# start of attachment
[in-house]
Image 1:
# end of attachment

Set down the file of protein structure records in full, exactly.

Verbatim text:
[in-house]
Image 1: